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Pediatrics. 2018 Mar;141(3). pii: e20171970. doi: 10.1542/peds.2017-1970. Epub 2018 Feb 1.

Left Axis Deviation in Children Without Previously Known Heart Disease.

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Division of Pediatric Cardiology, Department of Pediatric and Adolescent Medicine.
Division of Heart Rhythm Services, Department of Cardiovascular Diseases, and.
Department of Molecular Pharmacology and Experimental Therapeutics and Windland Smith Rice Sudden Death Genomics Laboratory, Mayo Clinic, Rochester, Minnesota.
Division of Pediatric Cardiology, Department of Pediatric and Adolescent Medicine,



Left axis deviation (LAD) discovered in children via electrocardiogram (ECG) is uncommon but can be associated with heart disease (HD). The optimal diagnostic approach in a seemingly healthy child with LAD is unclear. We sought to better stratify which patients with LAD but without previously known HD may warrant additional workup.


A retrospective chart review was performed to identify patients ≥1 to <18 years of age with LAD (QRS frontal plane axis 0 to -90) on an ECG between January 2002 and December 2014. Patients with known HD before their initial ECG were excluded.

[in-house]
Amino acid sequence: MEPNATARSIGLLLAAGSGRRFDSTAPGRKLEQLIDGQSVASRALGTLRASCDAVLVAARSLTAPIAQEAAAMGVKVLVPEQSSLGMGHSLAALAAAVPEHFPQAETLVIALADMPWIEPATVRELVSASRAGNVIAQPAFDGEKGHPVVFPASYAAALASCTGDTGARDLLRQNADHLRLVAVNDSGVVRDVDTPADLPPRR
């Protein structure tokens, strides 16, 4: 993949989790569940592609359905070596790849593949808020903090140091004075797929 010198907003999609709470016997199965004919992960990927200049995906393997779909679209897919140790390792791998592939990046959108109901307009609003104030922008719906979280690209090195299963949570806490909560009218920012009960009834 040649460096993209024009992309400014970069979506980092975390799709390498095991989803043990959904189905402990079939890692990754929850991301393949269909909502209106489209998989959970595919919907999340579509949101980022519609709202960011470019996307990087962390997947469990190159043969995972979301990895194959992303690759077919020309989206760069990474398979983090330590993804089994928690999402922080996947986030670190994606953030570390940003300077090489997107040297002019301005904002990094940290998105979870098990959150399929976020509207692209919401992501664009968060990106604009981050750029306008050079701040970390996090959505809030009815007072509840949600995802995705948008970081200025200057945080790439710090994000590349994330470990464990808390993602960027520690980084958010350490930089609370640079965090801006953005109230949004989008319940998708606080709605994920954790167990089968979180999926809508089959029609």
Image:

Overall, 296 patients were identified (n = 181 [61%] male; mean age: 10.8 ± 4.6 years; mean QRS axis: -24 ± 22°). An echocardiogram was performed in 158 (53%) patients, with 24 (15%) having HD. Compared with those with an echocardiogram but without HD (n = 134), patients with HD had a more negative mean QRS axis (-42 vs -27°; P = .002) and were more likely to have a QRS axis ≤-42° (58% vs 26%; P = .003), ECG chamber enlargement or hypertrophy (38% vs 5%; P < .0001), and abnormal cardiac physical examination findings (75% vs 8%; P < .0001).


LAD discovered in isolation in the asymptomatic pediatric patient may not necessitate further cardiovascular investigation. Clinicians should consider obtaining an echocardiogram in patients with LAD and ECG cardiac chamber enlargement or hypertrophy, a QRS axis ≤-42°, and/or the presence of abnormal cardiac physical examination findings.

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Conflict of interest statement

POTENTIAL CONFLICT OF INTEREST: Dr Ackerman is a consultant for Audentes Therapeutics, Boston Scientific, Gilead Sciences, Invitae, Medtronic, MyoKardia, and St. Jude Medical. Dr Ackerman and Mayo Clinic have a potential equity and/or royalty relationship with AliveCor, Blue Ox Health, and StemoniX. However, none of these entities have participated in this study in any way; the other authors have indicated they have no potential conflicts of interest to disclose.

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